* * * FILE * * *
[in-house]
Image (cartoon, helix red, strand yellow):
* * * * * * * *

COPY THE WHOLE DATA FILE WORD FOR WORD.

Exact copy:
[in-house]
Image (cartoon, helix red, strand yellow):